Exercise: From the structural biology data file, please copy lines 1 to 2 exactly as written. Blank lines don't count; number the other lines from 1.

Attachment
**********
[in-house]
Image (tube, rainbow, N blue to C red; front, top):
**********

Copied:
[in-house]
Image (tube, rainbow, N blue to C red; front, top):